A typical introduction to any programming language will start with one of the more basic functions: printing a simple phrase. Ubiquitously, this phrase is "hello, world!" Whether in C++, FORTRAN, or Python, this hardly ever fails. I figure that there's no better way to begin this blog.
How come? For starters, my project--originally titled "Melt migration and distribution at the lithosphere-asthenosphere boundary and its implications for seismic observations," but altered to "Models of seismic anisotropy around the San Andreas Fault, California" after discussion with my adviser, Dr. Mousumi Roy--involves plenty of coding, and for good reason. My overarching plan for this project is, via Python coding, FEniCS software for partial differential equation solutions, and D-Rex calculations of seismic anisotropy, to construct various models of lithospheric and asthenospheric rheologies in the San Andreas Fault region and their effects on anisotropic orientations of dry olivine-enstatite aggregates in the upper mantle. We observe a stark contrast between northern California and southern California: in northern California, east-west anisotropy dominates far from the transform boundary, and fault-parallel anisotropy dominates in its neighborhood. Meanwhile, in southern California, east-west anisotropy dominates to a greater extent; fault-parallel anisotropy lies only in the immediate vicinity of the fault. Tetreault, Roy, and Gaherty have previously suggested that the former is due to strong lithosphere-asthenosphere coupling, and the latter, weak coupling. They drew their conclusions from variations of viscosities of two layers, emulating the higher-viscosity lithosphere and lower-viscosity asthenosphere, over different time frames. In particular, two-layered viscosity emulates northern data, and isoviscosity emulates southern data. I'm here to verify these observations!
Much of this is new to me, and fairly technical. Faced with the task of eating a whole elephant, I'll adopt the strategy incorporated many times before: taking the whole elephant bit by bit, not all at once, in stafes I can measure. IRIS's suggestion of taking the summer in thirds sounds feasible enough. So, here goes:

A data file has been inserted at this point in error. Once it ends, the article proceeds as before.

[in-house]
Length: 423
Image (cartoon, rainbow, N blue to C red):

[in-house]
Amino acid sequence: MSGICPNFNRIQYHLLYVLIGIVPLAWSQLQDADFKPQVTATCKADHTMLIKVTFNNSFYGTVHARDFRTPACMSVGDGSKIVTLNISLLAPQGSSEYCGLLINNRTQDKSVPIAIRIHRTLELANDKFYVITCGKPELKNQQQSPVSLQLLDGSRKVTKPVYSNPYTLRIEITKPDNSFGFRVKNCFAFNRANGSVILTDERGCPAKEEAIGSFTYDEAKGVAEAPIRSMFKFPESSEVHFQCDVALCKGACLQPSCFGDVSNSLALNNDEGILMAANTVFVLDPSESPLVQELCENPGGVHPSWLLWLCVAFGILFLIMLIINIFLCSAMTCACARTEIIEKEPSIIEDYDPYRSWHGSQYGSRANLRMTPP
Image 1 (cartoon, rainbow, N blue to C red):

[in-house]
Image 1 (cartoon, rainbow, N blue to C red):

-The first third (about 1 June to 27 June): install all required software (Gedit, D-Rex, etc.) on my computer; learn Python and FEniCS from tutorials and code written by previous students under Dr. Roy; author my own code to reproduce growth time of a disturbance as a function of wave number for the Rayleigh-Taylor instability, shown in 6-12 of Turcotte and Schubert's Geodynamics; attend the PyLith workshop at Stanford University from 23 to 27 June.
-The second third (about 28 June to 19 July): complete the first step of the modeling process, accounting for strike-slip plate motion and asthenospheric flow, in both a two-layered scenario with differing lithospheric and asthenospheric viscosities and an isoviscous scenario.
-The third2 (about 20 July to 15 August): apply D-Rex's calculations of seismic anistropic orientation to my models; submit my abstract for AGU (due 6 August); describe the implications of my models in full.
Hopefully, I'll be able to progress past the material I'll attempt to verify and embark into more advanced territory by imposing new constraints on my models.
In the meantime, I'm jumping through various hoops in the UNM bureaucracy so I may gain access to the physics building and internet in the first place. If I vanish, then I've been defeated. Stay tuned, folks.
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